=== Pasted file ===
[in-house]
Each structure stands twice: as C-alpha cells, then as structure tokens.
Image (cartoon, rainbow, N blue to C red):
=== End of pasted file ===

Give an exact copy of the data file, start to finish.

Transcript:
[in-house]
Each structure stands twice: as C-alpha cells, then as structure tokens.
Image (cartoon, rainbow, N blue to C red):